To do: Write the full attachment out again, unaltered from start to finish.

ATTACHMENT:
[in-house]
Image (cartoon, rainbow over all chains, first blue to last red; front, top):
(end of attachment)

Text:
[in-house]
Image (cartoon, rainbow over all chains, first blue to last red; front, top):